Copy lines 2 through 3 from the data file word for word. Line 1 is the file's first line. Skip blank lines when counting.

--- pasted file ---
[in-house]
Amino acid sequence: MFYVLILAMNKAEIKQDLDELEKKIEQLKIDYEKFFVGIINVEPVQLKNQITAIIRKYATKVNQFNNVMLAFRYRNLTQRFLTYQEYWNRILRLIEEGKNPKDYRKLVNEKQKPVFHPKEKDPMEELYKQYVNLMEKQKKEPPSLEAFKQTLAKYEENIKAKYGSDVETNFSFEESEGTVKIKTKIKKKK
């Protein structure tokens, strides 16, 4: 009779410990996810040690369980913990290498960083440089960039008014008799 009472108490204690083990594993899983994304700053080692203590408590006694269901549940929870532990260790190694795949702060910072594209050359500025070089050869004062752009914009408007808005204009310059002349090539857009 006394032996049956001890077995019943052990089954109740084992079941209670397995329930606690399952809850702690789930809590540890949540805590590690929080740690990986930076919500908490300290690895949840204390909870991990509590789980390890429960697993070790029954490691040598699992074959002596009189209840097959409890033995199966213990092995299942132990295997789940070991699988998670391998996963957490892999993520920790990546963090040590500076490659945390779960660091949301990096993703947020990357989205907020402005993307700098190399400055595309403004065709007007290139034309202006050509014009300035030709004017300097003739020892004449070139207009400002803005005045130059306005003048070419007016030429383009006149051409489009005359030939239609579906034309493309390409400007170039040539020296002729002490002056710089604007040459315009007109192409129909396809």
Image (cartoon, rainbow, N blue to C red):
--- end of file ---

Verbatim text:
Amino acid sequence: MFYVLILAMNKAEIKQDLDELEKKIEQLKIDYEKFFVGIINVEPVQLKNQITAIIRKYATKVNQFNNVMLAFRYRNLTQRFLTYQEYWNRILRLIEEGKNPKDYRKLVNEKQKPVFHPKEKDPMEELYKQYVNLMEKQKKEPPSLEAFKQTLAKYEENIKAKYGSDVETNFSFEESEGTVKIKTKIKKKK
């Protein structure tokens, strides 16, 4: 009779410990996810040690369980913990290498960083440089960039008014008799 009472108490204690083990594993899983994304700053080692203590408590006694269901549940929870532990260790190694795949702060910072594209050359500025070089050869004062752009914009408007808005204009310059002349090539857009 006394032996049956001890077995019943052990089954109740084992079941209670397995329930606690399952809850702690789930809590540890949540805590590690929080740690990986930076919500908490300290690895949840204390909870991990509590789980390890429960697993070790029954490691040598699992074959002596009189209840097959409890033995199966213990092995299942132990295997789940070991699988998670391998996963957490892999993520920790990546963090040590500076490659945390779960660091949301990096993703947020990357989205907020402005993307700098190399400055595309403004065709007007290139034309202006050509014009300035030709004017300097003739020892004449070139207009400002803005005045130059306005003048070419007016030429383009006149051409489009005359030939239609579906034309493309390409400007170039040539020296002729002490002056710089604007040459315009007109192409129909396809």